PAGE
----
The Crop-Over Festival still has huge potential to expose tourists to local culture in a first-hand experience that cannot be had anywhere else, and the Barbados Tourism Authority is trying to market it as such in major markets.
Acting Senior Vice President of the BTA, Avril Byer, made this assertion as she pointed out that while the figures of arrivals for the festival might have been slightly down in 2012, compared to 2011, they were still above the 2010 numbers. She pointed out though, that for Crop-Over 2011, there was the added incentive of Rihanna’s performance in Barbados that twinned nicely with the culmination of the festival, which would also have led to the boost in numbers for that year.
While not providing precise figures, Byer told a media briefing this morning at the National Cultural Foundation, that the number alone would not give an adequate picture and perspective of some of the issues of the time in question.
The acting BTA executive had said early that marketing the festival in overseas markets provided an opportunity to increase the numbers of visitors, especially as the trend was for more people to be coming in during the summer festival months of July and August than any other months, even December.
“Our role is one mainly of marketing the festival overseas and I must say over the years the festival has created an opportunity for us to grow our numbers during that period of the year.
“No longer is December, the month of Christmas, where we have the majority of people coming to Barbados. In actual fact we have more people coming in July/August than any other month and that speaks to the value of the festival in terms of our visitor arrivals,” she noted.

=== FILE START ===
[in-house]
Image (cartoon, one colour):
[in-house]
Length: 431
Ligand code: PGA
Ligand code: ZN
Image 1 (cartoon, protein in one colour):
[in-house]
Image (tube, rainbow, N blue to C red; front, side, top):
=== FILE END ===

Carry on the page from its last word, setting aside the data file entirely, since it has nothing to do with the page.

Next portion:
She said they had found as well, particularly with the large events, that those spread out through July into the final weekend of August were also big draws for tourists.
“What we have been able to do is promote some of the semi-large events like Pan Pon De Sand, and they are happening on weekends. So particularly in the Caribbean, for those persons who might not be able to come on the big weekend but might still be able to come on that weekend … that is somehow working for us because it is giving us yet another story to tell…
“The festival has tremendous benefits for opportunities. It is really a platform for us to tell the Barbados story and expose our culture in many ways, in a way we are not able to do generally on an ongoing basis in terms of getting that first-hand anecdotal type of authentic exposure,” she said.
Byer said all the major markets, namely US, Europe, Canada, Brazil, and here in the region, especially Trinidad, were engaged in marketing for the festival, with about 60 journalists scheduled to visit for the events.
“The Internet has really changed the way that business is done, certainly in tourism, but certainly it has created more platforms for us to spread the word about Crop-Over. We have the use of social media which is far more prevalent in our overseas markets in terms of the journalists being able to tell their stories when they go back,” she said, adding that they were also attempts underway to have the foreign media jump for Kadooment to gain a more intimate experience.
In June, she noted too that about 300 travel agents were due in for MegaFam, which incorporates aspects of Crop-Over, including a mini-carnival, as part of that experience. The NCF’s decision to include an e-ticket sales option this year, she said, was also another positive for the growth of the festival.
“In terms of packaging, I am really delighted that we have the software now in terms of how the tickets are being sold this year and that technology will allow overseas operators, small and big ones, to be able to put tickets in the packaging of the air and hotels.
“I think it also creates a great opportunity for the Barbados Hotel and Tourism Association in packaging as well for direct sales on their website, being able to sell tickets directly as a vendor,” she said. (LB)